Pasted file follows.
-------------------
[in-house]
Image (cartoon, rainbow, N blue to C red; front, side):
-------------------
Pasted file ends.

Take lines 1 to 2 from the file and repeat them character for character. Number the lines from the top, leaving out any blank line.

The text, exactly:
[in-house]
Image (cartoon, rainbow, N blue to C red; front, side):